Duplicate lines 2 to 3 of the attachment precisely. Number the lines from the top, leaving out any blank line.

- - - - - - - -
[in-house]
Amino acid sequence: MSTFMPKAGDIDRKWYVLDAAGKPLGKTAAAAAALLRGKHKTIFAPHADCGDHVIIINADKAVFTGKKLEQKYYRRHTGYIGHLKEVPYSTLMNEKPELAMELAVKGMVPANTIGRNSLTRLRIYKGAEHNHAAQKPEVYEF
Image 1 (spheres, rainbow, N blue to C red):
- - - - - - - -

Amino acid sequence: MSTFMPKAGDIDRKWYVLDAAGKPLGKTAAAAAALLRGKHKTIFAPHADCGDHVIIINADKAVFTGKKLEQKYYRRHTGYIGHLKEVPYSTLMNEKPELAMELAVKGMVPANTIGRNSLTRLRIYKGAEHNHAAQKPEVYEF
Image 1 (spheres, rainbow, N blue to C red):